Global Greying and the Economics of Abundance

The good folk at Pieria asked me to write a piece on demographics, so I did. Last week, also on Pieria, John Aziz wrote this on ‘The Economics of Abundance’:

Which got Frances thinking:

A future in which we can all grow old comfortably, perhaps, and lead those 32 cubed working lives we were promised?

Alas, I don’t have time to give much brain power to Frances’s thought experiment this morning (I will tackle it at some point) but you might. Any ideas?

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9 Responses to Global Greying and the Economics of Abundance

  1. That’s certainly where I was going with this. I was heading towards abolishing pensions, providing basic income for all and allowing people (of any age) to choose whether or not to work. If we can produce most or all of what we need for very little money, basic income doesn’t have to be very much. Of course, we have to sort out the ridiculous housing problem and the energy scarcity problem – but if we can address those, living costs in the future should be far lower than they are today and few people will need to work. The world can afford to become a very large retirement home. Welcome to the twilight of the human race – and the dawning of the age of robots.

    I think I shall write a post on this at Pieria.

  2. Pingback: Global Greying and the Economics of Abundance - Rick - Member Blogs - HR Blogs - HR Space from Personnel Today and Xpert HR

  3. Fat Jacques says:

    I’d dispute that the current welfare system incentivises working and that a citizen’s income doesn’t.

    In our current welfare system, any income gained from working is reduced by benefit withdrawal rates, which may exceed 100% at some points. Hardly an incentive for (legal) work.

    In a citizen’s income/dividend/basic income system, payments would be made to all, and not removed if income earned. Perhaps that system my incentives work more. It will be worthwhile to do any work no matter how little, or how poorly paid; it will increase total income for the worker.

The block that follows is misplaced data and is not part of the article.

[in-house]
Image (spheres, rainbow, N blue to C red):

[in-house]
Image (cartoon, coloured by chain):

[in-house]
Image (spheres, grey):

4. In marvelling at the general direction of travel (superfluous labour, commodity abundance and deflation), we are in danger of ignoring the political dimension – i.e. the decisions we make about how we transition to this blessed state.

    For example, the debate around a basic income boils down to the share of GDP that should be allocated to this, and the mechanism for allocating the dividend of ongoing growth. It is important to recognise that there are widely differing views on how a BI would work, and that these views ultimately reflect political beliefs about the distribution of wealth. Class will not necessarily disappear in a post-scarcity world.

    Similalrly, we need to address the nature of capital when the link to labour value has (apparently) been broken (the nth degree of alienation), and how this impacts on monopolies and rent-extraction, e.g. the growth of “intellectual capital” assets.

    • Rick says:

      Agree, David.
      Class is very persistent and even if the robots do create wonderful abundance, the distribution of the resulting wealth and leisure time will be very unequal.

  5. GrumpyLecturer says:

    Rick you have made an old man happy.

    This debate hurtles me back to the smoke filled rooms of pubs and union halls of the 1960’s and 70s which I tended to inhabit. Arguments about the relative economic benefits to be had from a free market economy matched against a mixed economy a corporatist state run on structural functionalist lines. Durkheim, Weber and Marx provided the backdrop and Harry Braverman’s Labour and Monopoly Capitalism, published in 1974, stoked the debate to new levels.

    Oh those long lost days of youth when the world was there for the changing. Now 45 years on the exuberance of youth gone you look back and think ‘those were the times to be alive’ realising sadly they will never see the light of day again. The world I see now is populated by self-centred, greedy, anything for a fast buck, businesses ethically and morally moribund employers and workers struggling under the yoke of politically organised consumerism. Workplace debates reduced to the banal. Endless articles about the ‘process of work’ of ‘better team working’, ‘wonderful leadership’, ‘excellent performance appraisals’, and ‘stupendously effective feedback’. I cringe pour myself a large whiskey and role a fag and remember the smoke filled rooms of yesteryear when workplace arguments had some academic bite about them. No one won no one lost let’s do it all again next Friday night.

    So what brings me to comment here well it’s the term ‘redistribution of wealth’. To find a discussion on ‘redistributing wealth’ even if it is to be equivalent to the minimum wage of today, to those millions of unfortunates who no place can be found for in an advancing technological and global capitalist world. ‘Redistribution’ requires some form of a centralised organisation. It brings the works of Durkheim squarely to the forefront of the debate. Low and behold centralisation means Weber returns to the fray and I am sure we can work poor old Marx in somewhere along the line. Structural functionalism brings other societal structures into the debate. Debates on work and society may at last be elevated to a more interesting and meaningful level than the bollocks associated with ‘team working’ et al.

    Somehow I know this will not happen but I live eternally in hope. Another whiskey and a fag and a shake of the head are always the option as one tells tales of proper work and proper workers to the grandkids.

  6. Pingback: Historic hours worked | Left Outside

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